Students find more than an artistic outlet in Dayton’s theatre community

Part III of III


The Last Supper: Pictured are youth performers mid-show during a rehearsal for Dare2Inspire’s summer production of Jesus Christ Superstar.

Karina Czeiszperger, Managing Editor

Dayton’s theatre community has a wealth of opportunities for students participating in and viewing the performing arts, but the impact of these activities goes deeper than the products seen on the stage. 

Abbie Stone (11), who participates in Lumberjack Theatre as well as various extracurricular theatre groups such as Muse Machine and Dare2Inspire, said, “Dayton is a big city of arts, so once you get involved in one kind of theatre outside of your own school it’s like a new world that you get to see.”

Entertainment can often be used as a break from everyday situations. People often get caught up in the rush of daily life and find solace in absorbing themselves in a fictional world for a brief period of time. For Julie Murphy (11), this extends to theatre.

“When you see a show it kind of pulls your attention from the stresses of normal life. That’s what I love about it. I love being distracted from everything and just focusing on what I love to do,” Murphy said.

Theatre cultivates a unique environment for young actors to learn and grow not only in their abilities, but in their own lives.

Executive director of Dare2Defy, Becki Norgaard, said, “Theatre is such an important thing for younger people because you get to learn about empathy, you get to learn how to walk in someone else’s shoes, you learn to be a better communicator.”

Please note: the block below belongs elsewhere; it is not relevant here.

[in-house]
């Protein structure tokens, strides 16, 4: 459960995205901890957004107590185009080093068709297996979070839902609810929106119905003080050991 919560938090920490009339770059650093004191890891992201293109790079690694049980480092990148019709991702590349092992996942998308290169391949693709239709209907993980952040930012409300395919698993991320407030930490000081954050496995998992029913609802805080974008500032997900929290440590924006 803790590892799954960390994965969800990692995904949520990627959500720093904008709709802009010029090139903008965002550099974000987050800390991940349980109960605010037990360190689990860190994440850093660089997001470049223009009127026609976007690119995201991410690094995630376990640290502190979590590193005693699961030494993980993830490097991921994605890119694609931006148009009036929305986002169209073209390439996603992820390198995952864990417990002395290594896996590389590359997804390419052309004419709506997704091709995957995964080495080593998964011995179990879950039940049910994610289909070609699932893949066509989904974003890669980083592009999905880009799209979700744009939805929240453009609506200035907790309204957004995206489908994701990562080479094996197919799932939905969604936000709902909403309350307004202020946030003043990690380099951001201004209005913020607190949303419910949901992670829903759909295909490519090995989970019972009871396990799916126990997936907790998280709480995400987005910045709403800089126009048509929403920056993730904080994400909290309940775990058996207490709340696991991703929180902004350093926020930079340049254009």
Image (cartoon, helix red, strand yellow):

Learning skills like these can help young people interact with the world around them and teach them valuable lessons that apply to anything from interpersonal relationships to school. Managing a schedule that includes hours of rehearsal after school and homework means that students participating in these programs have to assume the responsibility of organization.

Murphy, who has worked both as a professional actress and performed in community theatre and school productions within the community said, “It’s definitely helped me manage my time better and realize there’s only 24 hours in a day, I have to plan [ahead].”

Murphy moved to Oakwood in 8th grade. She notes that her involvement in theatre made the transition to a new school much easier.

“Being a part of [theatre] definitely connected me with a lot more people,” Murphy said. “I got to know a lot more people at Oakwood than I did before, so it was great being a new student having that kind of environment.”

The idea of being a part of a group that provides a place to feel at home is a common thread when discussing the performing arts. Stone echoed that her experience in Muse Machine also connected her to an accepting community.

“[Muse Machine] is such a wonderful, welcoming environment and it’s so much fun and it’s good exercise; let’s be honest,” Stone said.  

According to Norgaard, transitioning to adulthood comes with a lot of changes and stressors that she believes theatre provides an invaluable way to cope and learn. She stresses the importance of being a part of an environment like the one that theatre provides, especially as a teenager.

“It’s a safe place to work through problems and find common ground with other people,” Norgaard said. “You also learn things like how to handle rejection and how to be disciplined and have a good work ethic and be a part of a community.”

To read Part I of this series click here

To read Part II click here